May/june 1997 | Volume 48, Issue 3
Among the infinitude of unintended consequences produced by the personal computer has been the explosion of interest in genealogy in the last fifteen years. The reason is simple enough. The personal computer is to genealogy what the microwave oven is to popcorn: It just does things so much better and easier. And the spread of the Internet has allowed genealogists, amateur and professional alike, to swap data easily. Today great shoals of ancestors whiz through Cyberspace via something called GEDCOM files.
People who have not been bitten by the bug of genealogy always think that those who have are out to prove their inherited superiority. This may have been true in the nouveau-riche nineteenth century that invented modern genealogy, but it is certainly not true today. While it is always fun to find someone famous, it is equally fun to find someone infamous. I recently learned, for instance, that I am descended from Richard Rich, the Tudor-era slime ball whose perjury put Sir Thomas More’s head on the block (at least according to A Man for All Seasons ).
But genealogy really has three chief charms for its practitioners. The first is that it is an area of history where amateurs can make real and valuable contributions to the subject, just as amateur, not professional, astronomers find most of the new comets.
The second is simply the pleasure that comes from all collecting: the thrill of the hunt. Like stamp collectors, genealogists simply have to find what they’re looking for—sometimes no easy task, but that just makes it all the more thrilling to succeed —and paste it into the album.
For historians, the third aspect of genealogy is even more interesting: It is so serendipitous. It takes you to wonderful places and people you would never encounter in any other way. Consider Elizabeth Cutter. Born in the north of England, she emigrated to Cambridge, Massachusetts, in 1640, after her husband’s death. She was about sixty-five at the time, an advanced age for that era.
She joined the church in Cambridge, and the rector there, the Reverend Thomas Stone, made a practice of writing down what he called “Confessions of diverse p’pounded to be received and entertained as members.” In other words, autobiographies of his parishioners. Historians (and genealogists) quickly learn to be very, very fond of people like the Reverend Stone.
Elizabeth Cutter, it turns out, was a natural writer. “I was born in a sinful place,” she began her confession, “where no sermon was preached.” She ended it: “Afterwards the Lord’s hand was sad on me. My husband was taken away, and I was sent to this place [Cambridge] and I desired to come this way in sickness time [late winter, after months of poor diet]; and the Lord brought us through many sad troubles by sea; but when here the Lord rejoiced my heart.”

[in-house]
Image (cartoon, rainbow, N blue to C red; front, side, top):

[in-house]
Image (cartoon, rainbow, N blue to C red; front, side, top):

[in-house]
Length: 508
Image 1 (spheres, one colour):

The imagination can conjure up an entire Patrick O’Brian novel out of the phrase “many sad troubles by sea.” But I would never have encountered it had Elizabeth Cutter not happened to have been my ancestor.
I bring all this up because the editor of this magazine recently suggested I write about a desk that sits in my office and the man who bought it and thus brought it into the family that has now had the privilege of caring for it for two hundred years. I didn’t encounter this man through genealogical research. I bear his name (although in fact I was named for someone else) and have known about him all my life. But it’s unlikely I would ever have known of him were he not my great-great-great-grandfather. And while his fame in the history of middle Tennessee rests primarily on his military talents, he earned his living as a businessman.
Indeed he conducted much of his business out of the desk, and after his death a treasure-trove of papers relating to his dealings was found in it. He bought it initially, in all probability, because when Tennessee became a state in 1796, he was appointed postmaster of Nashville and needed a place to hold the sorted mail. Its design indicates it was made in the area of Danville, Virginia, about 1760. A splendid example of eighteenth-century Southern cabinet-work, it is made of black walnut and stands nearly eight feet six inches high. While its desk part contains the usual pigeonholes and drawers, some secret, the upper or secretary part contains sixteen additional pigeonholes and three more small drawers, which is quite unusual, and it is altogether likely that John Gordon had them installed to handle the mail better.